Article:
I'm not sure if Alexei Nemov knew how to cowboy. (Get your mind out of the gutter.)

...and his body was sexy.

Does anyone else remember Elfi swooning over Alexei during the 1996 Gala?

Sexy Alexei wasn't alone in his craziness. At the 1997 World Championships, Ivan Ivankov successfully competed chucked back-to-back Kovács.


If you thought that his second (chucked) Kovács was too close to the bar, wait until you see his piked Kovács, which he caught with his ribs.


I have nothing funny to say about this screenshot. Let this be a reminder that this sport is dangerous.


2004: The Cassina

At the beginning of the 21st century, tucked, piked, and laid-out Kovács became routine, so Igor Cassina came along and made things even more difficult. He invented a freakin' laid-out Kolman. Let your jaw drop as you watch his gold-medal-winning performance from Athens:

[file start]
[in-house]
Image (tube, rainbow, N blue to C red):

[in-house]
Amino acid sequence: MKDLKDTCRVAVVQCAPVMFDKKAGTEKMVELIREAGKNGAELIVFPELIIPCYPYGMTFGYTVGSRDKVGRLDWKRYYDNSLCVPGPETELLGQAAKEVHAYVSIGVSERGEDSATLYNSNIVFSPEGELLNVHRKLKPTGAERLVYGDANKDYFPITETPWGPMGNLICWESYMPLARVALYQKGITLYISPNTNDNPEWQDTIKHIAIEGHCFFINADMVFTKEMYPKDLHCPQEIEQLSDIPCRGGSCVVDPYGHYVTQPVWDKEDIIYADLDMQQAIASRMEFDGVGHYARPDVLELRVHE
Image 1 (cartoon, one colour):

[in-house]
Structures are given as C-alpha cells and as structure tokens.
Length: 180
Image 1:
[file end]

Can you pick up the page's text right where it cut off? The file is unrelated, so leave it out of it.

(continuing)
With your jaw firmly planted on the ground, let the drool slide out of your mouth 'cause Cassina continued the (gratuitous) tradition of posing shirtless.

After the Olympics, I must research this trend. When did gymnasts start posing half-naked? Was Sexy Alexei the originator? Thoughts?


2005: The Shaham


The Cassina is a G, which means that the skill is "God-Awfully-Hard."

And it's not the only Kovács-variation that is a G!

There's another one: the Shaham. It is a one-and-a-half-twisting Kovács. Unfortunately, I could not find footage of the 2005 Maccabi Games when Noam Shaham caught the skill in competition. So, a training video will have to do.


Notice that he is shirtless in this video.


So... What's Next?

A few years back, the gymnastics world was flipping its shit because Kohei Uchimura was training a triple-back Kovács.